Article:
Here is an example scenario of how a good collaboration might work:
Both (all) of you sit down with pencil and paper and together plan how you're going to solve things. You go together to a cluster and sit at adjacent machines. When one of you has a problem, the others look over your shoulder. You check after each problem to make sure that the others are all caught up. But in each case you write your own solution, seeking help from the others when you have difficulties. On the writeup, each of you lists the names of all of your collaborators.
Not listing the name of a collaborator will be deemed cheating. Similarly, remember that copying another person's work and representing it as one's own work is a serious academic offense and will be treated as such.
In general, we strongly encourage you to work as a group. It's a very effective way of catching conceptual and other errors, and of refining one's thinking and understanding.
See the discussion of the use of "bibles" below for additional information on use of materials in completing problem sets and projects.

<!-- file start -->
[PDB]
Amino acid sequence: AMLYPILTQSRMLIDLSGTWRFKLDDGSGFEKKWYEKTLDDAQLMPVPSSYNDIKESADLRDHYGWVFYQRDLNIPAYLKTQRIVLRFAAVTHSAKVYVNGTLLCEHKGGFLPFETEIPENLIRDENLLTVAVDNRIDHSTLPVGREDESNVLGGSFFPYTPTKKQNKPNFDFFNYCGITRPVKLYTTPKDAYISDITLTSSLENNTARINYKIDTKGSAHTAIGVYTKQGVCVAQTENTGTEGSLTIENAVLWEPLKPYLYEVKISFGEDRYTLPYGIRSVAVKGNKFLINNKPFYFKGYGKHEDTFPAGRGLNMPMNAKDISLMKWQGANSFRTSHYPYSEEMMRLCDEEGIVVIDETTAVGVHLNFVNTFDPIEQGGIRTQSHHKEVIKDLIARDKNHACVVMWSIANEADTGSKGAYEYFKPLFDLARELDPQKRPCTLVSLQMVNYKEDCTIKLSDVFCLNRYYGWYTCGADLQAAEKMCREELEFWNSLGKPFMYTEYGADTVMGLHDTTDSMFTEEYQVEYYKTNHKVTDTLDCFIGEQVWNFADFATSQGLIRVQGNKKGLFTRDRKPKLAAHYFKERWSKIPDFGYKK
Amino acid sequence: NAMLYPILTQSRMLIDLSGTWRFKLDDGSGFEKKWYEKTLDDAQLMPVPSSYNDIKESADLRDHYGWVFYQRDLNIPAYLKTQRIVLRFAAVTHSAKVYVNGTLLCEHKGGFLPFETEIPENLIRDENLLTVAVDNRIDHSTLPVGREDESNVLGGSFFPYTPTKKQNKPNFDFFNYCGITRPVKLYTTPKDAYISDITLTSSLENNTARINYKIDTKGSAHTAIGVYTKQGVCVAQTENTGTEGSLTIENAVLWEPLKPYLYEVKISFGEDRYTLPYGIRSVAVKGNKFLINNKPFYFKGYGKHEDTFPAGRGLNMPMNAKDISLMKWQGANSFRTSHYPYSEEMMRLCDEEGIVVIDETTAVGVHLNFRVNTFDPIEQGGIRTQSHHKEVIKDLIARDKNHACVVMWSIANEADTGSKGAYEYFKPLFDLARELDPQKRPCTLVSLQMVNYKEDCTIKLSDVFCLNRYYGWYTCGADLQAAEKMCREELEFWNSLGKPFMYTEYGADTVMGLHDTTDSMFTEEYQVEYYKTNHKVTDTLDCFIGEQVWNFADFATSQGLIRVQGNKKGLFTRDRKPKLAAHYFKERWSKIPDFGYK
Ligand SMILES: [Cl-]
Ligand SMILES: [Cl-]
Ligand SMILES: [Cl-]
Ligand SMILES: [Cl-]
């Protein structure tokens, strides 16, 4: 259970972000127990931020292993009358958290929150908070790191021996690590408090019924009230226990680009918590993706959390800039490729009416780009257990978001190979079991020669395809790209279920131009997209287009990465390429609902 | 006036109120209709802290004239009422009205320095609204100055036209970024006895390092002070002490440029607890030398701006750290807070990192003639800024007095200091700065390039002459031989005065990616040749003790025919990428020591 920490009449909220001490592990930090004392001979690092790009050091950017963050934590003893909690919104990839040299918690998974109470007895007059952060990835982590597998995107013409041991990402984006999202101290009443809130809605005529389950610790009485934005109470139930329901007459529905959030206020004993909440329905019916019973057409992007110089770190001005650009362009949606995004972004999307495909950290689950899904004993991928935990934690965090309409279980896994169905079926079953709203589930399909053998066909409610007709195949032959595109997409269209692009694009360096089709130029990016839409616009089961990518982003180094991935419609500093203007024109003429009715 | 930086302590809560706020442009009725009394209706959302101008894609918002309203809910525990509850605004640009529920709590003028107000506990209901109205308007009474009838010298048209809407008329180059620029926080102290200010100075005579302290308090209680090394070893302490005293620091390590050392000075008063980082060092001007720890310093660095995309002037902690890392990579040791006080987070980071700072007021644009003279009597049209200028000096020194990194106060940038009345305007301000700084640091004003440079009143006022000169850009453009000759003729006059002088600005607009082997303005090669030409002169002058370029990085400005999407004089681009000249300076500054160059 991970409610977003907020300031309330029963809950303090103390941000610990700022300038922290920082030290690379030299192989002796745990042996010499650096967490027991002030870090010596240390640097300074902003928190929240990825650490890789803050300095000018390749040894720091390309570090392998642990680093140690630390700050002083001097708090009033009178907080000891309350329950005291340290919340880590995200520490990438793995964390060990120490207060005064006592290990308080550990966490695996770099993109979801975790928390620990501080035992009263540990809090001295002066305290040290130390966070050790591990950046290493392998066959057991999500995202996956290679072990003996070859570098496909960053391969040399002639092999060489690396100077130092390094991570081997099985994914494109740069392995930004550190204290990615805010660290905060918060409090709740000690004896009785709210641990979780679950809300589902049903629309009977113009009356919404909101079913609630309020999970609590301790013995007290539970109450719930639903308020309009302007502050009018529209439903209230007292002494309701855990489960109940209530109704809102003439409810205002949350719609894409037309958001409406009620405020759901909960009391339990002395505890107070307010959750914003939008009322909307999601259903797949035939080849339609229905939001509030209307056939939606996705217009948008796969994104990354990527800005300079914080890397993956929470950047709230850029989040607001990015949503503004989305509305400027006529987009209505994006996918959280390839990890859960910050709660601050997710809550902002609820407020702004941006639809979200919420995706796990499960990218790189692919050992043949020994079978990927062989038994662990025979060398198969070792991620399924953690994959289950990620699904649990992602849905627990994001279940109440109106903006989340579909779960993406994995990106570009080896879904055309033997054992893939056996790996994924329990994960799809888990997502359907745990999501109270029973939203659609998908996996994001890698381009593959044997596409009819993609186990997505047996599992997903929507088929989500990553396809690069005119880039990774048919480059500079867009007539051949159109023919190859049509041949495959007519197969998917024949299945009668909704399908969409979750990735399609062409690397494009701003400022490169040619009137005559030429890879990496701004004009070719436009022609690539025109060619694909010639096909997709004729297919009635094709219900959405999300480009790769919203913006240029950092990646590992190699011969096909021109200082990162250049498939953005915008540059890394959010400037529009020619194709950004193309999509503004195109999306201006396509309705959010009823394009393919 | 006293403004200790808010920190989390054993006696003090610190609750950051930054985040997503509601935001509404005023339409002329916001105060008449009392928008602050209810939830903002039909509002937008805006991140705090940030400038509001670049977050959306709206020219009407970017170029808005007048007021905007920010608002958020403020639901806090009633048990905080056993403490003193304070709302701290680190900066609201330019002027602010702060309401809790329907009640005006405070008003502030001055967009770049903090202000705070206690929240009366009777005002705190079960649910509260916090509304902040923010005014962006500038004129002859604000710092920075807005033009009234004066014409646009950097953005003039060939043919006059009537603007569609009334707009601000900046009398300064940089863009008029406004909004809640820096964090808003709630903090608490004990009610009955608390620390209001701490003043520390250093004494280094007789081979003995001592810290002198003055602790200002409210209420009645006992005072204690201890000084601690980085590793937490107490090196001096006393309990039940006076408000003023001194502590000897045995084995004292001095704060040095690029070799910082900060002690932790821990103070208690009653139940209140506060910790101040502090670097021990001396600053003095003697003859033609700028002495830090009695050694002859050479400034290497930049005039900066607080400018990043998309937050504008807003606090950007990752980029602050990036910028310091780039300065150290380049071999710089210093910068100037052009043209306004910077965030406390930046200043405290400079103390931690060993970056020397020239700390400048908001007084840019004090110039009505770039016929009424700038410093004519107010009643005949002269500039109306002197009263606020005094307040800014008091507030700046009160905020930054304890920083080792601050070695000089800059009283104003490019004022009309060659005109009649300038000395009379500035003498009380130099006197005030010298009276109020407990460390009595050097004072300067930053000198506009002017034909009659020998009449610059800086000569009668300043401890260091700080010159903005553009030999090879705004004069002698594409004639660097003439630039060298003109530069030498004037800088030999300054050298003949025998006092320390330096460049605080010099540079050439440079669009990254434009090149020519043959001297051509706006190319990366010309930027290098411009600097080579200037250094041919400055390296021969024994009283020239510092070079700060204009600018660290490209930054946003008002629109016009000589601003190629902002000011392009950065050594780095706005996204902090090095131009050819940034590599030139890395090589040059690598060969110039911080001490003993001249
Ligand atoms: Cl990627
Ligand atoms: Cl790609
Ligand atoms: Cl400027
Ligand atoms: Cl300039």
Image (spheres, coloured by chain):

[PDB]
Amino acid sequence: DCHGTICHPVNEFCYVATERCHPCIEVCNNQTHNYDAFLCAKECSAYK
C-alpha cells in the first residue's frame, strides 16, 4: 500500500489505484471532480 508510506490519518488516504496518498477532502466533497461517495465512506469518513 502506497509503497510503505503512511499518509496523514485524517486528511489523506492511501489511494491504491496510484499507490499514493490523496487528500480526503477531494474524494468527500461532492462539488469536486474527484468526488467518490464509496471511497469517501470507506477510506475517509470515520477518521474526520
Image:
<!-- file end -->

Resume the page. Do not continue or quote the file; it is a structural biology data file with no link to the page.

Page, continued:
Using your own computer
If you want to use your own computer, there are implementations of Scheme for Linux, Windows NT 4, and Windows 95 (sorry, no Macs) available. See the course web page for software and installation instructions.
The problem sets and projects are designed so that they should run on all of these implementations, and you can move your work between them if you find this useful.
6.001 is time-consuming; but the assignments are not intended to require excessive amounts of time. In past subject evaluation surveys, students have typically reported that they spend very close to the expected 15 hours per week on the subject. Spending enormous amounts of time in 6.001 is often the result of simply not asking for help when you need it. If you find yourself spending more time on 6.001 than you think you should, please speak to your recitation instructor. It is also possible to spend an excessive amount of time programming. This is often the result of failing to prepare properly, i.e., not reading the assigned text and exercises, understanding the distributed code, developing plans to solve the questions, etc.
In addition, please be aware that prolonged computer usage combined with poor posture or improper typing habits can result in conditions such as repetitive strain injury. Remember to take frequent short breaks and to consult the medical department for more information.